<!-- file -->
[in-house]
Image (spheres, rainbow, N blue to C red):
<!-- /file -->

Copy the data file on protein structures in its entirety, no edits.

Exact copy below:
[in-house]
Image (spheres, rainbow, N blue to C red):